Each individual has their own procedural schemas that define their cognitive characteristics. Procrastinating a task often happens more in everyday work or student life. Procrastination at work is negatively related to performance, which emphasises the importance of adequate prior engagement between employee and employer(23).Procrastination in the work or student environment will usually lead to difficulty or inability to achieve goals of interest related to the activity.


Active procrastination involves the ability to intentionally delay tasks in order to perform them more effectively and can therefore be an adaptive and productive coping style(24). In contrast, see what was said about “avoidant” subjects in the previous subsection. Likewise, active procrastination will be characteristic of people with a certain mental rigidity, excessive self-demand, self-criticism and self-discipline.


Such factors may even lead to clinically significant and maladaptive, i.e. psychopathological, distress. It has also been considered on a more somatic level that, as a sign, procrastination is a vulnerability factor for poor adjustment and management of hypertensive disease and cardiovascular risk(25).

Perfectionism and the experience of stress are related. Furthermore, maladaptive procrastination appears to be associated with maladaptive perfectionism(26). Indeed, preoccupation with mistakes and self-doubt about what to do, characteristic of perfectionists, have been shown to correlate positively with procrastination(27).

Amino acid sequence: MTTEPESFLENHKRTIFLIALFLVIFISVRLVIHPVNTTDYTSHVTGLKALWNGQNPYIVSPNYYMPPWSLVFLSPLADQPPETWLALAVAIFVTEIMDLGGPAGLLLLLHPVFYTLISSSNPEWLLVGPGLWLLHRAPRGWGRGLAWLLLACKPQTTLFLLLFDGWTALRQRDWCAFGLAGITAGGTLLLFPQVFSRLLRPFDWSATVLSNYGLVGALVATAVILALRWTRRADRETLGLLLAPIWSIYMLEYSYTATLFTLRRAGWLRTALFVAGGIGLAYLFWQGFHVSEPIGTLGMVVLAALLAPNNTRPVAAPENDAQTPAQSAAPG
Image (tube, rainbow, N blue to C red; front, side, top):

Metacognition, understood as the act and effect of knowing, as well as perfectionism, correlates with anxiety and depression in clinical categories. Metacognitive awareness is the ability to realise that one is experiencing a particular experience. Metacognitive beliefs predict appropriate and inappropriate perseverance behaviours, the former being linked to resilience and opposed to procrastination behaviours.


Metacognition or metacognitive awareness, closely related to the concept of “theory of mind”, allows one to anticipate one’s own and others’ behaviour by perceiving and being aware of the emotions, attitudes and feelings of those involved(28). We know that there are correlations between perceptual metacognitive ability and the structure and functioning of the lateral prefrontal cortex(29).


Procrastinating seems more likely if it is difficult for individuals to associate the postponed or substituted task with an outcome that is highly valued, or when individuals are faced with tasks to which they are averse. This is accompanied by reduced hippocampal-striatal interactions, objectified during the performance of these activities(30).


Pre-procrastination anxiety has been positively correlated with the variability of the dynamic functional connectivity of hippocampal pathways with the prefrontal cortex(31). It has been suggested that procrastination could be predicted by the grey matter volume of the orbital frontal cortex and medial frontal gyrus, which are key regions of self-control and emotion regulation(32).